Every month I'm fortunate enough to get a chance to sit down with my team and take a lunchtime out to watch TED Talks. Generally we watch two talks, selected by the team themselves, and we enjoy a debate and discussion after each talk on the topic presented.
As a management tool, it is a fantastic way to help develop the relationships within my team, and also stimulates and develops my team's ability to analyse, digest and debate topics; critical for a team who's function is to solve problems for our clients and provide them with attractive, affordable consultancy solutions which deliver results.
I've previous written about our TED talks sessions, you can view my post on The Power Of Introverts by clicking here. It even includes a short test you can take to find out your personality type!
This month's talked included Are you a Giver or Taker by Adam Grant, which is an insightful exploration of different personality types in a team. Interesting, following my post on Collaboration Overload (read it here) Adam backs up some of the theories discussed in that post, that those who seek to help others, other helping themselves, can become overwhelmed and individually may end up being the most under-performing member of any team.
However, the research in this talk suggests that bringing a team of Givers together will create a powerful team dynamic where collaboration excels and challenges get overcome faster and more creatively.
From my view point, I think that this analysis rings true. I have some "Happy Givers" in my team (think Ned Flanders) who will go above and beyond to help others before carrying our their own tasks, and I have to protect and support those team members to help them find a balance which gives them the freedom to fulfill their natural tendency to help whilst making their they meet their commitments.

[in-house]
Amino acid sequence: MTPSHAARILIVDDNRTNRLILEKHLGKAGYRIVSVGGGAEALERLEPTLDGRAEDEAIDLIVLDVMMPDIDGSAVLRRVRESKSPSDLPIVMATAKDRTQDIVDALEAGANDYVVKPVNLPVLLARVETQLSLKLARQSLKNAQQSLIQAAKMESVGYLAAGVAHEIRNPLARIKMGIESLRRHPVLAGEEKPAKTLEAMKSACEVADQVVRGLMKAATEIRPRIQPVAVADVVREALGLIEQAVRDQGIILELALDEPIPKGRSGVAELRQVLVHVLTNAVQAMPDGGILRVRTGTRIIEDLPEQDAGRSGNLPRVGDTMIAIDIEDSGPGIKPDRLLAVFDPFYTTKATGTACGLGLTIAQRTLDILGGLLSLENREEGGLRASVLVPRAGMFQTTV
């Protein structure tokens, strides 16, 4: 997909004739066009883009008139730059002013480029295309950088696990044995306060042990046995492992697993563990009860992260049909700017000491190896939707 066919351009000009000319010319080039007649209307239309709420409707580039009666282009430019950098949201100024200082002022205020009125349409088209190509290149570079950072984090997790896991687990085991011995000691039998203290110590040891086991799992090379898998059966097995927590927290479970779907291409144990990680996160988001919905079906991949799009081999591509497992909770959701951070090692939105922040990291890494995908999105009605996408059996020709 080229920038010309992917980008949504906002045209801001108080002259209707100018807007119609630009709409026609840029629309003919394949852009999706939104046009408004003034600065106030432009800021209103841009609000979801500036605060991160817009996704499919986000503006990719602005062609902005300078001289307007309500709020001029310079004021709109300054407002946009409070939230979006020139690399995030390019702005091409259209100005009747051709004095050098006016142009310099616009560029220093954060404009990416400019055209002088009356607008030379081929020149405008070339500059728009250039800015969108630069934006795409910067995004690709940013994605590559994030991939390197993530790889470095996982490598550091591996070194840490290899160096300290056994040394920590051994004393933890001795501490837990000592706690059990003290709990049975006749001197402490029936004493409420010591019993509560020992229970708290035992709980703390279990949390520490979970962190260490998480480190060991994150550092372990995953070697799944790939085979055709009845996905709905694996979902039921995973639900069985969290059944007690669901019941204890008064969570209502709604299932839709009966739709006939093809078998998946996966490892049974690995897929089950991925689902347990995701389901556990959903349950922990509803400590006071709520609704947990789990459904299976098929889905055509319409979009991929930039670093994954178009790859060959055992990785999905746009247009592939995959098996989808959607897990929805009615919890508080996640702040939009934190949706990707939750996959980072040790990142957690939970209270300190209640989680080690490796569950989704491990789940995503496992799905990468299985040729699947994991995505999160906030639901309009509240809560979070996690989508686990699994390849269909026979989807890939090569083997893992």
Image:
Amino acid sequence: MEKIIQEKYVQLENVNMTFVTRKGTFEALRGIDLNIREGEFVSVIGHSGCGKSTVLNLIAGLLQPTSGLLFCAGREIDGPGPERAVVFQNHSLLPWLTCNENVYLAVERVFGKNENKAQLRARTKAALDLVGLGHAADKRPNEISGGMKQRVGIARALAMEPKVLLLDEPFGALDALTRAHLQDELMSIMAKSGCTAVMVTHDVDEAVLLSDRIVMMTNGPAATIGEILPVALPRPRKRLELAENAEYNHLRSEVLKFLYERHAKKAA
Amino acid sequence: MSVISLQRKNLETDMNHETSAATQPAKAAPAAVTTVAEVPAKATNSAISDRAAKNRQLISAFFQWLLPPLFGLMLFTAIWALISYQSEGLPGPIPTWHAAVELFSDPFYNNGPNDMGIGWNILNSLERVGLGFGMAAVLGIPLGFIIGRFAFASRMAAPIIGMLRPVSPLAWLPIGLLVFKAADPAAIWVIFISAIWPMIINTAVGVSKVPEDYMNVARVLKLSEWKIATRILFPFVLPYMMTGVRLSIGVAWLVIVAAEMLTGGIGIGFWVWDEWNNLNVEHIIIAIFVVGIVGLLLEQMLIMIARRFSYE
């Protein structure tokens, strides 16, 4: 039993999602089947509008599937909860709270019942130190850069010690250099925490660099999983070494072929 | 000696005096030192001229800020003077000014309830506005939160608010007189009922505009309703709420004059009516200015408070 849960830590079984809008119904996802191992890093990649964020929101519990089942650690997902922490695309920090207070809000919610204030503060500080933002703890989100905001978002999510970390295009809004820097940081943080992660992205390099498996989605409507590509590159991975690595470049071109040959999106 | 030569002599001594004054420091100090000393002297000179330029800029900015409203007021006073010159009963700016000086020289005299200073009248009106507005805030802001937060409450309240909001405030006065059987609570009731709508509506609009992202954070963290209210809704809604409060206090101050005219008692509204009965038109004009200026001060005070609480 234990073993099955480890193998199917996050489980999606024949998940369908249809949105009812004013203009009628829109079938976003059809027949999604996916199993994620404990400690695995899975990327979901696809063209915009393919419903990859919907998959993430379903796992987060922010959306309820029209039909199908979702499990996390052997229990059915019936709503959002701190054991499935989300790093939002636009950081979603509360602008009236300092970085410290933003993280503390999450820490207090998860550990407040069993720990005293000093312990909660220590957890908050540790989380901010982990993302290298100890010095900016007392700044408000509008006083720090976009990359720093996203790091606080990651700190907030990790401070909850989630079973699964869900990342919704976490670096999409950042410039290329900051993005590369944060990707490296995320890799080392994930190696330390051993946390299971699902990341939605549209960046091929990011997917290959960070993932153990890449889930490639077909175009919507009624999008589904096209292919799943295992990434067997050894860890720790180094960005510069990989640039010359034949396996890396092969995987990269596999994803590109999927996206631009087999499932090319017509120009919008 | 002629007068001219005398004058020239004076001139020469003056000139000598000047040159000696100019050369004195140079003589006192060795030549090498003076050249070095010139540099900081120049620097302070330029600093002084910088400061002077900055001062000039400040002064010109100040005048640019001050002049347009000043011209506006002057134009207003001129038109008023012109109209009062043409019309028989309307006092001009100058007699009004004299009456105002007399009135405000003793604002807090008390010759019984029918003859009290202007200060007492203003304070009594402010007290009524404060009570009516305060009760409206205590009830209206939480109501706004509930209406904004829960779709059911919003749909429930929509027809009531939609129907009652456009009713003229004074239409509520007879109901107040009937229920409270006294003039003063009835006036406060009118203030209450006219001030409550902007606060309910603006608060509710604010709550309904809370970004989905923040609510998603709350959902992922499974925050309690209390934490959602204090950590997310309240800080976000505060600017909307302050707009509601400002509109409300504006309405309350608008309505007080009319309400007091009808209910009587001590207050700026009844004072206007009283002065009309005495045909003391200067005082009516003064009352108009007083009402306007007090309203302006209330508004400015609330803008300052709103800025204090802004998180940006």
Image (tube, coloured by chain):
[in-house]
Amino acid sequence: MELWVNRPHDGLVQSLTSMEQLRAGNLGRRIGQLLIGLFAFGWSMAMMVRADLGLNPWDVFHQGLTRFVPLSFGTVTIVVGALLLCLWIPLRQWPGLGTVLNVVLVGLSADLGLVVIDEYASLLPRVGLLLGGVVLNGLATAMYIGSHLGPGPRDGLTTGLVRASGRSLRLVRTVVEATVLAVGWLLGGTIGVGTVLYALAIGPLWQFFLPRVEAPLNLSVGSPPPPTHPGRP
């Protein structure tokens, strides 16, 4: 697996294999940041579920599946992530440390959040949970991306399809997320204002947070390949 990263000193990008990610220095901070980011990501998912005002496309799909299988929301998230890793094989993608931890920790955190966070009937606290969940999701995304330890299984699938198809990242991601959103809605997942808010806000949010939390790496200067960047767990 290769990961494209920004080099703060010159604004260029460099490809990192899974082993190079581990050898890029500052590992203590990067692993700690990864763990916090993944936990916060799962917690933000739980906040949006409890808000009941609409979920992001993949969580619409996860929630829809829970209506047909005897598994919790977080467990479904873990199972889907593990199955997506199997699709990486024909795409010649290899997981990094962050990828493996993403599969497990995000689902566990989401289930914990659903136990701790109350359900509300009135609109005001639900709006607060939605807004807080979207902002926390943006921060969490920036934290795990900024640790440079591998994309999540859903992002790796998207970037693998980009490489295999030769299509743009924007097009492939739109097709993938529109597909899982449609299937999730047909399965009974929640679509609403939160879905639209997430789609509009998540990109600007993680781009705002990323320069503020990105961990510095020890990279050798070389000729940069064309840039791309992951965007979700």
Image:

Likewise, I, and potentially others in my team, are likely what Adam describes as "Disgruntled Givers" (think Dr House) who want to help others, but perhaps don't always seem like the helpful type. In this instance, I've found the need to give those people space to work through things on their own, and provide more guidance and less protection has been the best way to help them find a balance which meets everyone's needs.
So; what can you take away from this? I would suggest:
- Consider team performance before individual performance; focusing on helping your team perform as a group is more valuable over the long term than emphasizing individual strengths.
- Just because someone is a Giver, doesn't mean they are a Happy Giver! Behaviour and personality play a big part in how you can best support different character types.
- Givers need protection to avoid feeling overwhelmed and under appreciated.
I hope you enjoy the video! I would be keen to hear your thoughts on LinkedIn or Twitter (find me via @mike_reader on Twitter).
In every workplace, there are three basic kinds of people: givers, takers and matchers. Organizational psychologist Adam Grant breaks down these personalities and offers simple strategies to promote a culture of generosity and keep self-serving employees from taking more than their share.